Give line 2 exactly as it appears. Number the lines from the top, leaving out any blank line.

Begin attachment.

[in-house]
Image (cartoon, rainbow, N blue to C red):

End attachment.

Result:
Image (cartoon, rainbow, N blue to C red):